As we’ve talked about before, mindfulness is an important tool that can help reduce anxiety, depression, and distress in the body and mind. It involves paying attention in the present moment to increase awareness, without judging your thoughts, feelings, and sensations. Mindfulness exercises can be practiced anytime, anywhere. An easy way to start implementing mindfulness… Read more »
BY: Natalie Jensen, MSW It is spring! Rain and mud help with tilling soil, uncovering nutrients and replanting roots. The sun is shining a bit brighter. The air is crisp; breezes (and pollen☺) whirl around us. Birds, squirrels, bugs, and worms are beginning to be more visible. What a season of change! The visual of… Read more »
By: Colleen McCarron, LPC Self care is not a face mask. Face masks, bath bombs, candles, pedicures. We think of these things as self-care in an indulgent sense, catapulted off the “treat yo’ self” mentality. But, is self-care as extravagant as spending half the day at a spa? It doesn’t have to be. Self-care is… Read more »
Each year, the National Eating Disorder Association creates a theme for their awareness week. This year, the theme is “Come as you are,” encouraging men and women of all shapes and sizes and stages of recovery to share their stories – a demonstration that eating disorders, like other mental health disorders, affect men and women from all backgrounds.
BY: Jennifer Munroe, LPC In childbearing, attachment is a largely discussed topic. Attachment is defined as a bond that exists between a child and a parent with a purpose of establishing a safe, secure, and protective environment for the child (Beniot, 2004). Most can agree it is vital within the parent-child relationship. It is well… Read more »
You were yourself. You dared greatly. You fell down. The physics of vulnerability is simple: If we are brave enough, often enough, we will fall. Rising Strong™ is a book about what it takes to get back up and how owning our stories of struggle gives us the power to write a daring new ending…. Read more »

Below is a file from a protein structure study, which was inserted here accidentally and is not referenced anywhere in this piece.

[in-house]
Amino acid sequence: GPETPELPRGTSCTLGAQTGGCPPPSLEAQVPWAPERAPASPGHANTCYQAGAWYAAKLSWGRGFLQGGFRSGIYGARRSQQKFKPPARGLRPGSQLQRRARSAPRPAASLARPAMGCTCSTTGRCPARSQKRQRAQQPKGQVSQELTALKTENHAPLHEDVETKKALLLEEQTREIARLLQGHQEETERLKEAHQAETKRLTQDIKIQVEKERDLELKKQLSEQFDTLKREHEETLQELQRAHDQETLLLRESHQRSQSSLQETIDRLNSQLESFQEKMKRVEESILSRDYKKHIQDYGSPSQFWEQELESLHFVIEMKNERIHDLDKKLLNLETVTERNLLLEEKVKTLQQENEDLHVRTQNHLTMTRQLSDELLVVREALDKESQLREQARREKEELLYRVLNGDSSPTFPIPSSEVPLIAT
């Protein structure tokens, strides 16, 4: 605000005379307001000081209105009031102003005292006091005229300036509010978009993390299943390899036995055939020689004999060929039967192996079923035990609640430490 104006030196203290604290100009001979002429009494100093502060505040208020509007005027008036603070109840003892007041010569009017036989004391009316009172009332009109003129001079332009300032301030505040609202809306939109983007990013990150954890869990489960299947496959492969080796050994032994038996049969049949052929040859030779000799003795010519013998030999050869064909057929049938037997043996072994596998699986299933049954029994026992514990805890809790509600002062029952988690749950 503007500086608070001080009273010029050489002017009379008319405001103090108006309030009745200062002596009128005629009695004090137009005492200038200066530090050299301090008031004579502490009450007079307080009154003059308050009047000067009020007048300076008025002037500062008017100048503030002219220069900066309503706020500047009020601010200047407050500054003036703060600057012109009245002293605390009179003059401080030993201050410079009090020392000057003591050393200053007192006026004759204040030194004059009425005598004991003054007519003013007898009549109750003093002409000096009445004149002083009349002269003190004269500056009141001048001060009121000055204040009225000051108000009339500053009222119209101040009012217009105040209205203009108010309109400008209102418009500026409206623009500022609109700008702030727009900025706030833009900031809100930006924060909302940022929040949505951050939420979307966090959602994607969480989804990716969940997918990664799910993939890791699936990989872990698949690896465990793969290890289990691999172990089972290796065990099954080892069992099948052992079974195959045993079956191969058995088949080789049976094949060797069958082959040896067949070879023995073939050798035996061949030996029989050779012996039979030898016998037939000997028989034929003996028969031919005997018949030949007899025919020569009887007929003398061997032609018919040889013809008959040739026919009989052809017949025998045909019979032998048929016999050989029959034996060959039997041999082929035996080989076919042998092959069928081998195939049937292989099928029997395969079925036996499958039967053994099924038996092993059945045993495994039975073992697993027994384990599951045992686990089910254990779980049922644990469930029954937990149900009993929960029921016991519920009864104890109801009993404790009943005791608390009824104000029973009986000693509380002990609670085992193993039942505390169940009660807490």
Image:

A play therapist uses a unique skill set to connect with children through a child’s symbolic language of self-expression: play. For young children. play is developmentally and fundamentally their language to articulate and process through feelings and difficulties. It allows them to connect and achieve growth in a profound way that classic talk therapy would not be able to provide. Children communicate through play in such an amazing way; it allows and welcomes a self-healing process in which they can engage.
Therapeutic Book Club with a Novel Approach **2 Spots Available** Are you a successful woman whose health, work or relationships are being negatively impacted by alcohol? Assess your needs and build on your strengths with the support of up to 5 other women in this small & nonjudgmental therapeutic book group. Please note: This is… Read more »
By: Colleen McCarron, LPC Do you feel the pressure to create goals and resolutions on New Year’s Eve? It’s natural this time of year to reflect on the past calendar year, take inventory of what we would like to change, and make bold declarations of what to improve upon. It can be an inspiring time… Read more »
By: Colleen McCarron, LPC We all have stories. Some are long, biographical tales of how we got to where we are. Some are small, but significant, ideas of who we are. According to Brené Brown, in her book Rising Strong, our brains are wired for story. Stories help us make sense of situations. We rely… Read more »
By: Gina Hafez, MA, and Elizabeth Moyer, MA “Attention is the rarest and purest form of generosity” – Simone Weil What is therapy? The root of the word therapy means “to give attention to.” With a focused eye on what needs to be tended to, therapists operate in a very unique space with clients that… Read more »
The body is our vessel of life, our tool for engaging with the world around us, and our protector. For many of us, anxiety takes us out of our bodies and locks us in our thoughts about the past or the future. Observing our tendencies and understanding the physiological component of anxiety can be helpful in the effort of reducing anxiety symptoms.